This Hubble Space Telescope image released February 28, 2006, shows the spiral galaxy of the Messier 101. It is the largest and most detailed photo of a spiral galaxy that has ever been released from Hubble.
This image bears remarkable similarities to the Vincent van Gogh work, "Starry Night" complete with never-before-seen spirals of dust swirling across trillions of kilometres of interstellar space. The Advanced Camera for Surveys is Hubble's latest view of an expanding halo of light around a distant star, named V838 Monocerotis (V838 Mon). V838 Mon is located about 20,000 light-years away from Earth in the direction of the constellation Monoceros, placing the star at the outer edge of our Milky Way galaxy.
NASA's Hubble Space Telescope trained its eye on one of the universe's most stately and photogenic galaxies, the Sombrero galaxy with the space telescope's Advanced Camera for Surveys , in May-June 2003 . The image of the galaxy's hallmark brilliant white, bulbous core is encircled by the thick dust lanes comprising the spiral structure of the galaxy.
This dramatic image offers a peek inside a cavern of roiling dust and gas where thousands of stars are forming. The image, taken by the Advanced Camera for Surveys aboard the Hubble Space Telescope, represents the sharpest view ever taken of this region, called the Orion Nebula.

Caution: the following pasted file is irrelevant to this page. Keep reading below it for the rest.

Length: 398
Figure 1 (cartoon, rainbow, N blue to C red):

Columns of cool hydrogen gas in the Eagle Nebula serve as the incubators for new stars - which look like tiny bubbles within the dark pillars.
In the left image, the Cartwheel Galaxy looks like a wagon wheel in space. A more detailed image of the galaxy"s hub shows bright, comet-like clouds circling at nearly 700,000 mph.
A nebula known as the Cygnus Loop is actually the expanding blast wave from a supernova. The blast has hit a cloud of dense interstellar gas-causing the gas to glow.
Pictured is an image of the Helix Nebula showing tremendous detail of its mysterious gaseous knots. The cometary knots have masses similar to the Earth but have radii typically several times the orbit of Pluto.
Eta Carinae was the site of a giant outburst observed from Earth about 150 years ago, when it became one of the brightest stars in the southern sky. The star survived the explosion, which produced two billowing clouds of gas and dust.